Additionally, Brenna Aegerter and I described an upcoming cover cropping trial that we will conduct on Staten Island. We were awarded a CDFA Healthy Soils Program grant with our farm advisor colleagues in the Sacramento and San Joaquin Valleys – Sarah Light, Amber Vinchesi, and Scott Stoddard – along with Jeff Mitchell and Will Horwath at UC Davis. On Staten Island, we will trial legume cover cropping versus no cover cropping treatments for soil health properties, greenhouse gas emissions, and grain yield from 2018-2020.
The trial will take place in a field that is in small grains (wheat and triticale) rotations, with soil classification Valdez silt loam. Cover cropping will take place in the summer months following the small grains harvest. Initial soil sampling will take place after wheat harvest and subsequent tillage. We will take baseline soil samples, measuring bulk density, pH, salinity, total C and N, aggregate stability, infiltration, and active C (a measure of the carbon available as an energy source for soil microbial communities) in the top foot of soil. At deeper depths, we will also test bulk density and total C. We will soil sample each fall, at the end of the cover crop season, to evaluate changes in soil properties over the three years. Greenhouse gas (N2O and CH4) monitoring will allow comparative evaluations of cumulative emissions between the soil management systems. Small grains yields will also be determined.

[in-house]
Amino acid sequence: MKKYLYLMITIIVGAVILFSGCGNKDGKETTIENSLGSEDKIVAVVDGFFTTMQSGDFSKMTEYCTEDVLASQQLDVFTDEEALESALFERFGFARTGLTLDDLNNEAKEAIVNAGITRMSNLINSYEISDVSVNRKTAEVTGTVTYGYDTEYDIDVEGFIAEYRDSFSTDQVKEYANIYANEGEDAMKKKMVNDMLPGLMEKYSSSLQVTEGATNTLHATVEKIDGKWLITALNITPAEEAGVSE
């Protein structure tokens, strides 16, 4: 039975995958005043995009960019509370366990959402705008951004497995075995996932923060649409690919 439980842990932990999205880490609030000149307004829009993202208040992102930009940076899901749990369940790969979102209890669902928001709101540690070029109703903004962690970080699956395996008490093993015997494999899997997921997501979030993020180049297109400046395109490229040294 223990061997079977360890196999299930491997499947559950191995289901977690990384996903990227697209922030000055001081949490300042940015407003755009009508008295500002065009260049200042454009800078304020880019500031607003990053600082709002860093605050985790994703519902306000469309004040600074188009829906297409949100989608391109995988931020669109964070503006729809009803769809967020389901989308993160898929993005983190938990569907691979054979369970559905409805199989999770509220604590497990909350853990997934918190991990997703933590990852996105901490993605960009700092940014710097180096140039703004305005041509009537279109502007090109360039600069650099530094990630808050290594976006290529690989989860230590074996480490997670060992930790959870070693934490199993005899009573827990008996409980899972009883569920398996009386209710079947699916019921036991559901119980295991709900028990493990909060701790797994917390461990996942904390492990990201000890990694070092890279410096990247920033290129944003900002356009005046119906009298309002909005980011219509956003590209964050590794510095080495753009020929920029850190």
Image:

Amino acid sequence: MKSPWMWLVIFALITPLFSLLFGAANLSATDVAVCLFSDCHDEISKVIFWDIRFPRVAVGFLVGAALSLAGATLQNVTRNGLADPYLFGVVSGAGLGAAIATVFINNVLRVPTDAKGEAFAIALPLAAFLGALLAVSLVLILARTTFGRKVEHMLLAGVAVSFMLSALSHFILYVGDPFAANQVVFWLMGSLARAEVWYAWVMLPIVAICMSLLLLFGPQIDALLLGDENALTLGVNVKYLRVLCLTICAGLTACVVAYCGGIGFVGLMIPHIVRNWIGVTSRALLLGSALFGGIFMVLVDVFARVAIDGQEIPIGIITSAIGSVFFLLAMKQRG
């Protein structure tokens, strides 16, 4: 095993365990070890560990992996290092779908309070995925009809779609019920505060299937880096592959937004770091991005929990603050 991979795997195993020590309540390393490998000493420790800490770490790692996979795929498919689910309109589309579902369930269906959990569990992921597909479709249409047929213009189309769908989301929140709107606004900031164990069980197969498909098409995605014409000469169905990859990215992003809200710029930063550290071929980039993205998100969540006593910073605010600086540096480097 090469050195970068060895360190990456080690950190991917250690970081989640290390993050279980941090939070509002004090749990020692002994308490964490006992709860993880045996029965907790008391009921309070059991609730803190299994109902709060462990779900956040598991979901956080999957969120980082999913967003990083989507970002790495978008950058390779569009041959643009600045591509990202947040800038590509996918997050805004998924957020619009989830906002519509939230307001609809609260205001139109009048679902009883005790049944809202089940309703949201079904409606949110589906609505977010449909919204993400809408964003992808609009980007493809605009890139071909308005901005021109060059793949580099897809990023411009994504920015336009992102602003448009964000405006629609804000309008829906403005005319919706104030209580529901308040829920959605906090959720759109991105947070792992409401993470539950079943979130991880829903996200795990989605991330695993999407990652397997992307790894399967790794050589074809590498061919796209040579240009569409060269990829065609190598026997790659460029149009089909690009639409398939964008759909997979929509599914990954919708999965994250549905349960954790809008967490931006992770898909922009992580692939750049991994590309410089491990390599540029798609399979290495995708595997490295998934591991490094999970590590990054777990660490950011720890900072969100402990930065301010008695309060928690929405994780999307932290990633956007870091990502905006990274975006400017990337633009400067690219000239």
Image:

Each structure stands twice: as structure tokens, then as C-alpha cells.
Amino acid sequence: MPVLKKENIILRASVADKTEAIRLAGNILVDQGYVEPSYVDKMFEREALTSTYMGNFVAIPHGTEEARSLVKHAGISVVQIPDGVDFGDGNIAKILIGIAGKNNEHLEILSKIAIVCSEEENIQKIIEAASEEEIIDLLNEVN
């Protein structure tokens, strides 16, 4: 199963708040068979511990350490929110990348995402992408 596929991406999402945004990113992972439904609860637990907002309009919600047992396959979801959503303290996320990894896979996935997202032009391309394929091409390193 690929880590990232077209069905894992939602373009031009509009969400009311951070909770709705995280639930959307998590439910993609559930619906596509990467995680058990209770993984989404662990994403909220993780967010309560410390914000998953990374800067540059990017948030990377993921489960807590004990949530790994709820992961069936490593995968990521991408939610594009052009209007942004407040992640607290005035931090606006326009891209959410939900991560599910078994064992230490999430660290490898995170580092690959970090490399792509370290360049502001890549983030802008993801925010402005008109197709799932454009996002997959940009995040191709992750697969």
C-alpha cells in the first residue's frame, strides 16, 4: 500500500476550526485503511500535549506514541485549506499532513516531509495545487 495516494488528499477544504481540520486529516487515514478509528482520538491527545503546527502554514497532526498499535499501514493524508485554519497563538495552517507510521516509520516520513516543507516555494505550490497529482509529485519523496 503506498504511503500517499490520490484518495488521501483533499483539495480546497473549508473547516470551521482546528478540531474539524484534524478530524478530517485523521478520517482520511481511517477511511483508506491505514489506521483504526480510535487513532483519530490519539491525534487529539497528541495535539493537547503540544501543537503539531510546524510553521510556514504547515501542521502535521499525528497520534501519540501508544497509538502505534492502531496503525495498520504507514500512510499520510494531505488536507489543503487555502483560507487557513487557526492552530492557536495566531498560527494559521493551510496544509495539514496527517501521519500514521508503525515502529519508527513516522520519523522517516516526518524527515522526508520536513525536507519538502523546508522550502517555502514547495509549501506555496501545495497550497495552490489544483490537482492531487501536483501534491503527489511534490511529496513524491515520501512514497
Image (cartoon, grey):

We look forward to this trial and will share results as we have them. We want to thank Dawit Zeleke and Morgan Johnson at The Nature Conservancy's Staten Island, Margaret Smither-Kopperl and Valerie Bullard at the USDA-NRCS Plant Materials Center, and Tom Johnson at Kamprath Seed for their collaboration on this trial.
For more information on UCCE or USDA-NRCS programs, please visit the following blogs and websites:
I have received a couple inquiries from Pest Control Advisors about wheat that is showing leaf tip yellowing and burning (Fig. 1). Their suspicion is frost injury, and with the weather we have experienced over the last several weeks, their suspicion is likely true.
There isn't a hard-fast rule of when frost injury will occur because several factors influence its occurrence and severity. The factors include the temperature but also the duration of cold exposure, the plant growth stage, and the growing conditions. The UC Small Grains Production Manual (see page 101) states that injury may occur with temperatures at or below 35⁰F and that even just a couple hours of exposure is enough to cause injury.